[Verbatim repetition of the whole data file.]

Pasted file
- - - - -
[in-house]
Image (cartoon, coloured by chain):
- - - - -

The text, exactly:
[in-house]
Image (cartoon, coloured by chain):